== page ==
A new way of examining the teeth of children who lived between the 11th and 15th centuries without damaging them has been discovered.
Biological anthropologists have discovered a new way of examining the fragile teeth of children who lived between the 11th and 15th centuries without damaging them.
By using 3D microscopic imaging, researchers from the universities of Kent (UK) and Indianapolis (USA) have been able to safely reconstruct the diet of children who would have lived next door to Canterbury Cathedral when Chaucer was writing his famous Tales.
The 3D technology—known as dental microwear texture analysis—involved measuring microscopic changes in the surface topography of the teeth.This is the first time that this technology has been applied to children's teeth.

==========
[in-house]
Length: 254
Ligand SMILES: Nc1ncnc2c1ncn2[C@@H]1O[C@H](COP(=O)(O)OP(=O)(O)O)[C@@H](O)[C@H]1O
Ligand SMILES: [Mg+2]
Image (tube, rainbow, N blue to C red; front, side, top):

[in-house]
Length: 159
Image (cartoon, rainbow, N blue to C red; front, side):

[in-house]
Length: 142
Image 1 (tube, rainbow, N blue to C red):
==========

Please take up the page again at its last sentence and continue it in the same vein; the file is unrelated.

By using this technology Kent's Dr Patrick Mahoney, biological anthropologist, (School of Anthropology and Conservation), and colleagues, who included a historian, were able to learn more about how diet varied among children from poor and wealthy families in medieval Canterbury. Dietary reconstructions from ancient teeth are often destructive, but this technology offers a new way to access this information without damaging fragile teeth.
Dr Mahoney is a leading expert on dental development of modern human children. He expects that applications of this technique will pioneer a new era in anthropological studies, opening up the dietary secrets of ancient children, and our fossil ancestors.
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Patrick Mahoney et al, Deciduous enamel 3D microwear texture analysis as an indicator of childhood diet in medieval Canterbury, England, Journal of Archaeological Science (2016). DOI: 10.1016/j.jas.2016.01.007